Apr 24

April 24 Mets Lineup Vs. Yankees

Here’s tonight’s lineup for the Mets against the Yankees in the Bronx.

Curtis Granderson – RF
Juan Lagares – CF
Lucas Duda – 1B
Michael Cuddyer – DH
Daniel Murphy – 2B
Eric Campbell – 3B
Wilmer Flores – SS
Kevin Plawecki – C
Kirk Nieuwenhuis – LF

Jacob deGrom – RHP

COMMENTS: In previous seasons the Mets might have considered giving Lucas Duda the night off as the designated hitter. Frankly, his defense has been exceptional to think that way right now. He’s become a presence at the plate and in the field. … I like Cuddyer as the DH tonight as it gives Nieuwenhuis a chance to play in the field. … I don’t think they’ll play Granderson as the DH, but I can see them giving John Mayberry Jr. a chance to get some at-bats. … One baseball tradition is you don’t mess around with a streak, which is why Lagares will stay in the No. 2 spot in the order. This might not become an issue until David Wright is ready to play. … As is always the case in interleague play for the National League manager is not having to worry about hitting for the pitcher. I’m wondering if this means he might be more willing to extend deGrom.

 

Apr 15

April 15, Mets Batting Order Vs. Phillies

Another day, another batting order for the New York Mets:

Curtis Granderson, RF: A walking machine.

Travis d’Arnaud, C: He’s hot, but I didn’t see this coming.

Lucas Duda, 1B: Off to a terrific start.

MIchael Cuddyer, LF: Playing with bruised hand.

Daniel Murphy, 2B: Homered the other day.

Eric Campbell, 3B: David Wright‘s replacement.

Juan Lagares, CF: Funny, I though the Mets wanted him to leadoff.

Ruben Tejada, SS: Replacing Wilmer Flores, who has bruised hand.

Jon Niese, LHP: Gave up three runs in last start.

 

 

Apr 14

Harvey Needs To Be Smarter For Mets

If you’re the Mets, you want more from Matt Harvey than he gave them last night. Yes, they won and he got the decision, but you need more from your ace.

You want Harvey to be sharper, but you need him to be smarter.

HARVEY: Frustrated despite win. (AP)

HARVEY: Frustrated despite win. (AP)

Harvey looked ordinary after starting with back-to-back strikeouts, but later missed on a couple of pitches in the “sweet spot,’’ zone on homers to lefty hitters Chase Utley and Cody Asche. That happens, but where Harvey was totally off was how he plunked Utley in retaliation for Phillies starter David Buchanan hitting Wilmer Flores and Michael Cuddyer.

Harvey said it was the situation of the game, but he wasn’t believable when he said he “got over amped it got away.”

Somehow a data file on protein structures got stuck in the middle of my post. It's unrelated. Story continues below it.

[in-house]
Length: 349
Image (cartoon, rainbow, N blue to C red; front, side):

Everybody knows when a pitcher throws at a hitter he does by throwing behind him. Utley knew it; he never made a move toward Harvey and didn’t even stare him down, unlike what the pitcher did with him.

Of course, I wouldn’t expect him to admit it as that means an automatic fine, if not a suspension.

Harvey was clearly not happy with the home run, or the RBI single, to Utley. His pitch count was slowly rising – another 90-plus pitches in six innings – and he was getting frustrated. You could see it on his face when the cameras caught him in the dugout.

One expected retaliation, but Harvey must be smarter in picking his spots. Ron Darling and Keith Hernandez – as you expect them – weren’t happy with Harvey. The other apologists at SNY, from Nelson Figueroa on down couldn’t bow enough to him.

Harvey definitely seems off after the delay on the challenge, which the Mets waited to do. You either make the call or you don’t, but you don’t make your pitcher wait and get out of rhythm.

Harvey missed on the home run pitches, but by inches. He’s walked only one hitter in his two starts compared to 17 strikeouts, so you know he can locate when he has to. It was clear that ball didn’t get away; Harvey knew where it was going.

In a close game and a runner on third, you don’t hit Utley. It was blatantly obvious. What if the umpire ejected him right there? What if he missed and the runner scored?

This came right after pitching coach Dan Warthen went to the mound, and there was no way he told Harvey to hit Utley. Harvey, as he frequently likes to do, acted on his own.

Earlier today I wrote how Harvey’s presence gives the Mets a chance to win. Tonight, he gave them a chance to lose.

Harvey actions weren’t the lone dark spot on what was a bright night in a bizarre game at Citi Field.

In the long term, David Wright had to leave the game with a pulled hamstring sustained while stealing second in the eighth inning.

“A couple of feet before I got to the bag I felt my hamstring grab,” Wright said. “I thought I could stretch it out but I couldn’t. I didn’t want to make the same mistake I made a couple of years ago.”

Wright will undergo a MRI Wednesday morning and the Mets are expected to bring up Eric Campbell from Triple-A Las Vegas.

 

 

Apr 07

Sleeping On The Mets: A Lot Of Good, Some Bad In DC

After sleeping on it, there was a lot to like about the Mets’ win yesterday in Washington. Of course, it’s only one game so don’t read too much into anything. After all, does anybody really expect Lucas Duda to drive in 324 runs? Personally, I’d take a third of that.